On the health insurance side, I can only say keep on top of it. Have a file for bills and sit down regularly to go through them and pay them. Keep an eye on your Explanation of Benefits so nothing crazy slips through. Keep records of all calls you make to your providers and insurance company. 

There are different ways of using the term “worst case” scenario. After working and planning so hard, having only a few months to enjoy your early retirements before David’s diagnosis of glioblastoma was clearly horrible in many respects. But from a strictly financial perspective, a different diagnosis that is not so lethal, but would require similar amounts of ongoing care for years or even decades could be even worse. 

Based on your experience and seeing how much it can cost to deal with a serious medical condition, what advice would you give a relatively healthy person entering early retirement and struggling with what to do about health insurance in early retirement?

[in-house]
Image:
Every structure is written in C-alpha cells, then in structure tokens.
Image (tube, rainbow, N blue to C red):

That’s very true. From a strictly financial perspective, David’s diagnosis was never going to be a long-term financial drain. I often wondered how we would have managed had it been longer term. 

One of the differences with a chronic illness would hopefully be the ability to operate outside of panic mode. I felt that I spent a lot of time in panic mode, simply fighting fires as they arose. There was very little ability to plan, or shop around for alternate care. 

In terms of healthcare planning in early retirement, I can honestly say that our conservative approach was something of a saving grace. We were all healthy and didn’t have any concerns going into early retirement. Even so we were cautious not to cut corners.

We never believed that we could ‘healthy lifestyle’ ourselves out of a healthcare crisis or accident. I remember researching Healthshare Ministries and not having the nerve to accept the caps on insurance and the fact that David would have to wait several months for coverage to kick in as he had asthma as a pre-existing condition.